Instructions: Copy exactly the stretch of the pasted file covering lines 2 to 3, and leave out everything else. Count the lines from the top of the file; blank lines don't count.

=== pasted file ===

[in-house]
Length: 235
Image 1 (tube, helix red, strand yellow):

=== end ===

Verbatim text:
Length: 235
Image 1 (tube, helix red, strand yellow):